Thursday, November 01, 2007

No Free Lunches? What About Taco Tuesday?

In the second game of the World Series, Jacoby Ellsbury's second-base steal triggered Taco Bell's "Steal a base, steal a taco" promotion. Between 2:00 PM and 5:00 PM on Tuesday, October 30, Taco Bell made good on a promise of free tacos to anyone in America.

Discussion Questions

1. As with most free stuff, the taco promotion involved some hidden costs for the would-be freeloaders. What are some of the costs associated with taking Taco Bell up on its offer? Did the promotion involve external costs (costs borne by people who were not part of the taco transaction)?

2. An ABC News article pointed out that there has been at least one stolen base in every World Series since 1990. Taco Bell must have expected to make good on the promotion. Why would a profit-maximizing business offer this type of promotion?

3. A free taco isn't exactly "lunch" when you can only get it between 2:00 PM and 5:00 PM. Why were people willing to stand (or drive) in line at odd dining hours in order to get a taco that would normally run you less than a buck?

4. Sunk costs are costs that have been incurred and cannot be recouped, such as the time it took you to get to Taco Bell before realizing there was a long line. Were people sticking out a 20-minute wait for a $1 taco because they failed to ignore sunk costs?

5. In his new book, Tyler Cowen offers the following explanation of signaling: "We signal every time we incur a cost to send a message about ourselves to the outside world." Often, the higher the cost incurred, the stronger the signal. Think of the costs people incur to signal to prospective employers that they have an MBA from Wharton, or to signal to acquaintances that they attended Game 2 of the World Series. Were people signaling their devotion to the Red Sox or, more improbably, to Taco Bell? If the tacos were truly free, would anyone be able to make a strong statement about their baseball fanaticism? Might signaling help to explain the long lines in the final days before the release of products like Apple's iPhone and Microsoft's Xbox?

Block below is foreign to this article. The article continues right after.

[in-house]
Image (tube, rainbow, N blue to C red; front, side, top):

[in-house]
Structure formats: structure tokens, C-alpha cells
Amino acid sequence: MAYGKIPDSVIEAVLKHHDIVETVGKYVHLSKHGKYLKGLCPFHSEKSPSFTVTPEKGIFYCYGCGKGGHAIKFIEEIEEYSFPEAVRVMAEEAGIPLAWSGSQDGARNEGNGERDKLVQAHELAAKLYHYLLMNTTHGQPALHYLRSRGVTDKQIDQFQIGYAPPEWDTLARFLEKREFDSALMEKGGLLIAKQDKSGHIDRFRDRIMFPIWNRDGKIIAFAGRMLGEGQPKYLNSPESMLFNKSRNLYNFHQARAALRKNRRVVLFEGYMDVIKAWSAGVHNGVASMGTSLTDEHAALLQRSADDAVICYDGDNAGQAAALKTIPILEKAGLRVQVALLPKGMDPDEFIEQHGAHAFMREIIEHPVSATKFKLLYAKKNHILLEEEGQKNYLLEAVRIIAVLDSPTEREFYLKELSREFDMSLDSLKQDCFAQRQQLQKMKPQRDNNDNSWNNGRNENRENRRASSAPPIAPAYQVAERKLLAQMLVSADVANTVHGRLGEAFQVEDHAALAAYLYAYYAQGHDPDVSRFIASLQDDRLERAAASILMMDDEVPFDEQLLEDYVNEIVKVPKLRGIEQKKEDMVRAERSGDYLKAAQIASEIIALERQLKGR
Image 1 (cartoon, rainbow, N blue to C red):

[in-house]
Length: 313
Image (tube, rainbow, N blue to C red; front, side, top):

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  • At 2:59 PM, January 23, 2008, Blogger SweetSimz said…

    I believe that the people that waited for 20 minutes in line for the free tacos on Tuesday, October 30 really have no idea about opportunity costs, or that they're priorities are very odd. The fact that people would rather spend 20 minutes of their lives, time that will never come back to them, than spend less than a dollar on a taco, which is considered a frivolous amount to many Americans of today anyways, is quite unbelievable to me. The same country that spends an enormous amount of money on brand-named clothes and excessively expensive electronics is the same country that produces such stingy people that have no value of the opportunity cost of time, for the time that was wasted in the fast food backup could have been spent working, or in any other economically efficient way for the person in question. Anyways, another aspect of this issue is that there really is no free lunch offered by this particular Taco Bell. The mere fact that America is one of the fattest countries in the world implies that only a very few number of people will actually leave this particular Taco Bell with one taco in tow. In reality, while the "free tacos" lure people to the establishment, the fact that the people are already there will lead to the consumption of more products than originally intended. A drink or two thrown in with a salad will be the story of many of such customers. Thus, this Taco Bell may be considered naive in its seemingly gracious offer, but instead this is just another clever ploy to increase profits. As stated by the basic guidelines of economics: "There is no such thing as a free lunch."

  • At 3:04 PM, January 23, 2008, Blogger SweetSimz said…

    This comment has been removed by the author.


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